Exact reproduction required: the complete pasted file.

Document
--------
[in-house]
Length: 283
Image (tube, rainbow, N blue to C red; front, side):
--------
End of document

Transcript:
[in-house]
Length: 283
Image (tube, rainbow, N blue to C red; front, side):